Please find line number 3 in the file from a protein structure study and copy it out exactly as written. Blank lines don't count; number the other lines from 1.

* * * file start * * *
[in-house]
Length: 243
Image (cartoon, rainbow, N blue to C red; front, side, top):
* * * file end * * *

Image (cartoon, rainbow, N blue to C red; front, side, top):